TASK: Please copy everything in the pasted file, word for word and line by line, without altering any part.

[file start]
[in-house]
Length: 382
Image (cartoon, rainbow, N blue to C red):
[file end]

[in-house]
Length: 382
Image (cartoon, rainbow, N blue to C red):